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Signature dish is terminology that is commonly used in connection with dining out. The term refers to a food item that is linked to a specific restaurant or chef. In some cases, it is also used to refer to the homemade specialty of a novice.
The menu at a restaurant is usually a product that involves a lot of planning. In some cases, restaurants hire professionals to do this for them. In the case of chain restaurants, they often request that one or more signature dishes be developed in the process.
These specialties can serve several purposes. A signature dish can help to give the restaurant a certain identity; it also can convert people into loyal customers. No matter how far each branch is from the next, the signature dishes are usually the same. Some people will go to that chain restaurant no matter where they are and always order the same signature dish. For this reason, signature dishes at a chain restaurant generally need to be appealing to a diverse market.
Chefs create signature dishes for many of the same reasons. Doing so can help them to create a name for themselves. When they are looking to expand their careers along paths such as selling cookbooks or hosting cooking shows, their signature dishes are often what spur their popularity. A chef, however, may not be as concerned with making his signature dish have mass appeal. Chefs are often more concerned with creativity and niche markets.
A signature dish is not always a product of planning. Often a restaurant or chef is informed what their specialty is by customer feedback or sales. A restaurant or chef can become widely known for a dish, only to realize it later.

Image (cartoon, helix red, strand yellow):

Although a signature dish can have its benefits, it also can have its drawbacks. When a consumer base is built around an item, that base often will resist change. This means that when a chef or restaurant considers changing a menu, they may lose a portion of their loyal customers. At the same time, pacifying these individuals may prevent market growth.
Some novices also have signature dishes. This is common with people who are social and who engage in a great deal of in-home meal entertainment. A hostess, for example, may be known for a specialty. It may be expected that she make it or bring it to any type of gathering that calls for her to cook.
I always try to have the signature dish when I can. I think it really showcases the talent of the chef to try the thing that they think is the best they have to offer.
But, I would also look at reviews and make sure that that really is the best they have to offer. I think sometimes chefs don't take the advice of the public and try to be unique and exotic, when really they should become more simple and more in touch with basic recipes.
If the signature dish has a string of flavors after it in the menu, it could be fabulous, but it could also be a sign that someone is trying too hard.
Looking at a lot of reviews of the place beforehand can be a safer bet than trusting the opinion of the chef.
I think it works best when a signature dish recipe is allowed to incorporate seasonal produce.
For example, tomato soup might be the signature dish of a particular chef or restaurant but during the right season it might be tomato and pumpkin, or in a different season it becomes tomato and white bean.
To me, one of the marks of a good chef is inventiveness so even if they are making the same meal, they can use what comes to hand.
And this also brings in the idea that the freshest produce tastes the best, so you can be sure they are serving you vegetables and meats that they bought fresh from the market that morning.